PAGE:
You could say that I’m a food aficionado, so a book with a title like this one is bound to land on my desk. Although a title like this usually gives me a bad case of hives because as David L. Katz correctly states there’s awfully little truth about what food really is about. The truth concerning food is and probably will always be a moving target because food research is a reductive science. In fact it even is a redundant science for real food is too complex for it. That’s the reason why all man You could say that I’m a food aficionado, so a book with a title like this one is bound to land on my desk. Although a title like this usually gives me a bad case of hives because as David L. Katz correctly states there’s awfully little truth about what food really is about. The truth concerning food is and probably will always be a moving target because food research is a reductive science. In fact it even is a redundant science for real food is too complex for it. That’s the reason why all man made food products like margarine (transfats and all) turned out to be such disasters for our health. About the book:. I read it from beginning to end making the ‘mistake’ to skip the recommendations and even the ‘words of guidance’ of the author himself. Because I always do. But in this case I really shouldn’t have. ‘For any of you _________(crazy? ardent? related to me?) enough to read TTaF cover to cover, I apologize for a certain repetition of core messages, examples, case studies, and expressions you will note throughout. This is intentional and strategic redundancy on my part; this is quite a long book, and I anticipate most readers will read and refer to it in sections. I thus wanted all of the key parts to stand up reasonably well on their own, as well as in the context of the whole. If you read straight through, please think of these recurrences as something like the chorus of a song: a distillation of key messages, rhythmically repeated’ One thing is certainly true: a ‘certain repetition’ (which in this case really is an understatement) makes for quite a long book. Unfortunately it makes for quite a boring book too. Most reference books do not repeat themselves all of the time. But then again they usually have nice indexes to be used for referencing. The book itself has two parts: Lies and Truth with each of them 3 chapters. ‘Lies’, ‘Statistics’ and ‘Damned lies’ for the first one and ‘The Truth’, ‘Nothing but the truth’ and ‘The Whole Truth’ for the latter. It’s obvious that these titles don’t really help with referencing either. Thus although Mr. Katz certainly writes truths about food, and explains the lies the package leaves a lot to be desired for. And then there’s one unfortunate mistake. I can see that while the subtitle ‘why pandas eat bamboo and people get bamboozled’ is a nice gimmic it is in fact the wrong animal to illustrate that ‘EVERY species of wild creature knows enough to feed itself correctly’. Although bamboo is their main food source, giant pandas are horrible at digesting it. Although they developed some adaptations connected to their food of choice (a powerful jaw and teeth to chew the fibrous plant, pseudothumbs to grasp the bamboo stems) their gastrointestinal tract remains that of a carnivore: one simple stomach and a short small intestine which can only digest about 17% of the bamboo it eats. It’s still a mystery why their ancestor started eating bamboo exclusively.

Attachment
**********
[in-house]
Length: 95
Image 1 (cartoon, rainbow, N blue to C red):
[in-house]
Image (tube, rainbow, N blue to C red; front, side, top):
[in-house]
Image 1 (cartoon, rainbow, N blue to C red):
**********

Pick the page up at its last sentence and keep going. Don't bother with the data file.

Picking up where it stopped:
3. 4 out of 5

    Case

    Katz has a lot of great information in this book. The layout makes it extremely difficult to just read through: it's more of a reference manual for busting the myths on bad eating plans. A lot of the information throughout the book is thus necessarily repeated multiple times, sometimes with the same words. In any case, I read the book cover to cover. I'm convinced that Katz knows the truth about how to eat correctly. I see no reason to doubt the vast majority of his long-accumulated wisdom with r Katz has a lot of great information in this book. The layout makes it extremely difficult to just read through: it's more of a reference manual for busting the myths on bad eating plans. A lot of the information throughout the book is thus necessarily repeated multiple times, sometimes with the same words. In any case, I read the book cover to cover. I'm convinced that Katz knows the truth about how to eat correctly. I see no reason to doubt the vast majority of his long-accumulated wisdom with regards to what a good diet looks like. Where I break with him is this: I don't think he knows how people actually eat badly. Specifically: I don't think he realizes just how many carbs the average fat or diabetic American is consuming, or how much sugar. Honestly, I don't think most diabetics realize how many carbs or added sugars they're getting. Talking to other diabetics I frequently hear the weirdest things about their eating plans, ignoring carbs they just didn't realize was in the food they were eating. For Katz, what it means is this: his advice on preventing and ameliorating obesity and diabetes are useless, because he's not getting to the heart of why people are getting fat and sick. "Eat less and move more" has been tried. It doesn't work. You have to tell people WHAT they need to eat less of: and that would be what they're eating too much of: sugar. And if you're diabetic: carbs. Katz's argument that protein raises insulin more than carbs is irrelevant and not even considered true by most diabetics or endocrinologists from what I can find. We don't eat meat to bring our blood sugar down, and that's what we would do if it actually worked that way. So yes, this is a great book if you aren't fat or sick and just want to improve your probably already healthy-ish diet. If you are already fat or sick, you need to look elsewhere at doctors who understand what makes people fat so you can really understand the mechanisms of why eating bread and sugar will kill you: try Taubes or Fung.